After Leaning to One Side traces the rise and fall of the Sino-Soviet alliance between 1949 and 1973, emphasizing tension over the Korean and Vietnam wars. Underscoring the theme of inherent conflict within the communist movement, this book shows that while that movement was an international campaign with an imposing theory and an impressive party structure, it was also a collection of sovereign states with disparate national interests. This book explains how this dissonance was further complicated by the unequal development of the Chinese and Soviet states and their communist parties, and traces some of China’s actions to Mao’s grasping at leadership of the communist movement after the death of Stalin.

Zhihua Shen is Professor of History at East China Normal University in Shanghai and directs the Center for Cold War International History Studies. He is the author of more than ten books. Danhui Li, research fellow at the Center for Cold War International History Studies and the Institute of Contemporary China Studies, Chinese Academy of Social Sciences, is editor-in-chief of Cold War International History Studies.


Chen Jian

Preface and Acknowledgments
About the Authors

I. Heydays of the Communist Alliance
1. The Making of an Alliance for Cold and Hot Wars
2. China’s Decision to Enter the Korean War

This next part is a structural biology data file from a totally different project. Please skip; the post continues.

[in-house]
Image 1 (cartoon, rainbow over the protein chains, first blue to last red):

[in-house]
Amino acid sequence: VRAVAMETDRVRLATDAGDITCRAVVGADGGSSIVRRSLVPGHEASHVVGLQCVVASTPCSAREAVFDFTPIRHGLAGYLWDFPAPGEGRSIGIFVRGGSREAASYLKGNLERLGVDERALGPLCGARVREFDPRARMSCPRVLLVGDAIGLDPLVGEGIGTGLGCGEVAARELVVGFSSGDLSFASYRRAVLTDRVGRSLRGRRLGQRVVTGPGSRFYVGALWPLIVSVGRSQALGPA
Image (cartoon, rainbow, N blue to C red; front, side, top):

3. A Troubled Partnership in War
4. The Decision to End the Korean War

II. The Erosion of a Brotherly Relationship
5. Helping-Hand Diplomacy: Soviet Experts in China
6. Comrades Plus Brothers: Sino-Soviet Border Relations in the 1950s
7. Unrealized Partnership: From Joint Fleet to the Great Leap Forward
8. Antagonized Centers and Troubled Frontiers

III. The Hierarchy of International Communism
9. From Wartime Allies to Peacetime Associates
10. Vietnam and Chinese Policy toward the United States

Epilogue: The Demise of a Communist Alliance


“This book reflects the best of the scholarship by two serious Chinese scholars of the Cold War international history. Based on newly available archives and historical material in Beijing and Moscow, this book has detailed China’s alliance relationships during the heydays of the Cold War. No existing study has tackled the same topic as thoroughly and solidly as this one.”—Shu Guang Zhang, Professor and Vice Rector for Academic Affairs, Macau University of Science and Technology

“Often unmatched in their command of the Chinese and Russian sources, Shen and Li unpack the multilayered story of this difficult relationship, exposing previously unknown, or misunderstood, episodes, and shedding new light on dated historiographical debates.… It is an important and lasting contribution to the field.… Shen and Li’s conclusions are likely to stand the test of time.”—Sergey Radchenko, Pacific Affairs

After Leaning to One Side is a further step in removing the veils that have obscured communist actions during the Cold War. The book also helps the reader understand the history and perceptions of one of the most powerful states in the current world scene.”—Jonathan M. House, Military Review